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Let $Y$ be a continuous random variable with density function $f_Y(y)=e^{-y}, y > 0$. Consider the sequence $\{X_n\}$, given by $X_n=e^nI_{\{Y>n\}}, n =1,2,\cdots$

How can I show that $\{X_n\} \to 0$ in probability?

My work:

So, I want to show that $P(|X_n-0|>\epsilon) \to 0$ as $n \to \infty$.

$P(|X_n| > \epsilon)=P(X_n > \epsilon)=1-P(X_n \le \epsilon)=1-\int_0^\epsilon\Sigma_1^Y(e^n)dx$

However, I do not think my last equality makes much sense. How would you proceed?

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  • $\begingroup$ What's the $I$ here? $\endgroup$ – jkm Nov 23 '19 at 20:26
  • $\begingroup$ @jkm the indicator function $\endgroup$ – Ron Snow Nov 23 '19 at 20:42
  • $\begingroup$ Draw graphs of some of the $X_n.$ The rest will be obvious. $\endgroup$ – whuber Nov 23 '19 at 22:53
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Consider the following inequality for $\varepsilon \leq 1$

$$P( |X_n| > \varepsilon ) = P(e^n I_{\{Y>n\}}>\varepsilon) \leq P( I_{\{Y>n\}} > \varepsilon) = P(Y > n) = e^{-n} \to 0.$$

Actually we do not need to know the distribution of $Y$. We can use the cumulative function properties $$ P( Y > n) = 1 - F_Y(n) \underset{n\to \infty}{\to} 1 -1 = 0$$

For $\varepsilon > 1$ we get $$ P( |X_n| > \varepsilon) \leq P(|X_n| > 1) \to 0$$

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  • $\begingroup$ why the downvote? $\endgroup$ – Manuel Nov 23 '19 at 20:56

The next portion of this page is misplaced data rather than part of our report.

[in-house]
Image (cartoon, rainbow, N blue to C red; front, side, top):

• $\begingroup$ I'll equal it out for you! I like this idea, but how can you justify the inequality and the equality thereafter? $\endgroup$ – Ron Snow Nov 23 '19 at 21:05
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    $\begingroup$ If $n \geq 1$ then $ e^n I_{Y > n} > I_{Y > n}$. Also An indicator is $1$ or $0$ so the probability of being greater than $\varepsilon$ is equal to the probability ob being 1. $\endgroup$ – Manuel Nov 23 '19 at 21:08
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    $\begingroup$ (+1) for the inequality in the first line. But note that you need to also consider the case $\epsilon\geq 1$ for completeness. $\endgroup$ – gunes Nov 23 '19 at 21:20
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    $\begingroup$ The last line "$X_n$ are positive with probability one": that's not correct, isn't it? $\endgroup$ – StijnDeVuyst Nov 23 '19 at 21:32
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First, $\text{Prob}[Y>n]=e^{-n}$ since $Y$ has an exponential distribution. Therefore, $X_n$ can have only two values, namely $e^n$ with probability $e^{-n}$ and $0$ with probability $1-e^{-n}$. Let's fix some positive value $\epsilon$ and call $n'$ the smallest nonnegative integer bigger than $\ln \epsilon$. Then, for any $n \geqslant n'$, $\text{Prob}[X_n>\epsilon]=e^{-n}$, which clearly goes to 0 for large $n$.

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  • $\begingroup$ I have several questions for you. (1) There are two values for $X_n$ due to the indicator function, correct? (2) Why isn't $P(X_n > \epsilon) = e^{-n} + (1 - e^{-n})$? $\endgroup$ – Ron Snow Nov 23 '19 at 21:09
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    $\begingroup$ (1) correct (2) $\epsilon$ can be small, but never equal to 0. Therefore $\text{Prob}[X_n>\epsilon]=\text{Prob}[X_n=e^n]=e^{-n}$. $\endgroup$ – StijnDeVuyst Nov 23 '19 at 21:17
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$X_n$ can have two values (i.e. either $0$ or $e^n$) with $p=P(X=e^n)=e^{-n}$. For $\epsilon\geq e^{n}$, $P(X_n>\epsilon)$ is always $0$. For $\epsilon<e^n$, $P(X_n>\epsilon)=p=e^{-n}$, and this goes to $0$ as $n$ goes to infinity.

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